one_arg = block_to_proc{ |x| “foo-#{x.inspect}” }
only_one_used = block_to_proc{ |x,y| “foo-#{x.inspect}” }
two_arg_used = block_to_proc{ |x,y| “foo-#{x.inspect}-
#{y.inspect}” }

puts no_arg.call
#=> foo

puts no_arg.call( ‘bar’ )
#=> foo

puts one_arg.call
#=> warning: multiple values for a block parameter (0 for 1)
#=> foo-nil

puts one_arg.call( ‘bar’ )
#=> foo-“bar”

puts one_arg.call( ‘bar’, ‘jim’ )
#=> foo-[“bar”, “jim”]
#=> warning: multiple values for a block parameter (2 for 1)

puts only_one_used.call
#=> foo-nil

puts only_one_used.call( ‘bar’ )
#=> foo-“bar”

puts only_one_used.call( ‘bar’, ‘jim’ )
#=> foo-“bar”

puts only_one_used.call( ‘bar’, ‘jim’, ‘jam’ )
#=> foo-“bar”

puts two_arg_used.call
#=> foo-nil-nil

puts two_arg_used.call( ‘bar’ )
#=> foo-“bar”-nil

puts two_arg_used.call( ‘bar’, ‘jim’ )
#=> foo-“bar”-“jim”

puts two_arg_used.call( ‘bar’, ‘jim’, ‘jam’ )
#=> foo-“bar”-“jim”

Note that the above behaves the same if you use Proc.new instead of
the block_to_proc function. In 1.8.6, if you use ‘proc’ or ‘lambda’
instead, the no_arg and one_arg examples work the same, but you get an
ArgumentError (“wrong number of arguments (0 for 2)”) raised and
halting your program when you try to call only_one_used without any
arguments. (And if you comment that out, you also get that same error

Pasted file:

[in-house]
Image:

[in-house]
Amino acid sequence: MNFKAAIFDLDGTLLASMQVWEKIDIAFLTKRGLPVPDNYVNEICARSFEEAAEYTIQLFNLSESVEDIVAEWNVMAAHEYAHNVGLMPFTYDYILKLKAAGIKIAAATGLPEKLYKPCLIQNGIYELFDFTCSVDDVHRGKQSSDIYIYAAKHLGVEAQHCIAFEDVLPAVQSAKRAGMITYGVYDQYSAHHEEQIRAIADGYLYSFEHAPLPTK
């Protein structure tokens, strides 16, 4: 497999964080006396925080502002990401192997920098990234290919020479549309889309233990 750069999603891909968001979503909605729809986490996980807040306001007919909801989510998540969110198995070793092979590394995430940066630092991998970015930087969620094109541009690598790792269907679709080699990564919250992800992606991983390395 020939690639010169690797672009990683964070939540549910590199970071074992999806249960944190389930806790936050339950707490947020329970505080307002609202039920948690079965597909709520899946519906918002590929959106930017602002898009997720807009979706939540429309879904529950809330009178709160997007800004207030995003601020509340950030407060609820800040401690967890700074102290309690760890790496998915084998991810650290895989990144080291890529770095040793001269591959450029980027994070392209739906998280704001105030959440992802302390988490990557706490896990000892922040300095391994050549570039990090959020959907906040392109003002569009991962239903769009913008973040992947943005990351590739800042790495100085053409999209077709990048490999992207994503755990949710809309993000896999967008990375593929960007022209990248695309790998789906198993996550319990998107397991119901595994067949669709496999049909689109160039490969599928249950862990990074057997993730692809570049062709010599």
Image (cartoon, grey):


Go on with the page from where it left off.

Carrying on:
when you try to call it with too many arguments.)

I provide the above without any justification for the behavior. :slight_smile:
This is with Ruby 1.8.6.

My own question: what rationale allows the one-argument Proc ‘auto-
splat’ the extra arguments into an array, but the two-argument case
does not? And what changes in 1.9 (besides ‘proc’ becoming another way
of performing ‘Proc.new’ instead of ‘lambda’)?

On Feb 7, 12:11 am, “Michael F.” [email protected] wrote:

Your question is understandable, and it’s a bit odd that they pass
self as an parameter since it’s not used at all.
My advice: ignore it.
Might be something that slipped through the final review or something.
There is no hidden meaning and it works perfectly without passing
self.

Hope that clears things up,

It does… I was afraid it was some sort of strange Proc magic that I
didn’t understand.

Thanks very much

On Feb 7, 8:56 am, “Phrogz” [email protected] wrote:

Michael answered the brunt of your question as I would have (“ignore
the self”), but I wanted to answer the above question of yours.

While methods in Ruby are pretty adamant about getting exactly the
number of parameters you define (except when you explicitly provide
default values or explicitly ask to collect any ‘extra’ values into an
array), blocks are much more forgiving. See the following code:

[…]

Thanks very much for taking the time to type that out. It’s really
helpful.

My own question: what rationale allows the one-argument Proc ‘auto-
splat’ the extra arguments into an array, but the two-argument case
does not? And what changes in 1.9 (besides ‘proc’ becoming another way
of performing ‘Proc.new’ instead of ‘lambda’)?

I’ll be curious to read what’s said about that as well.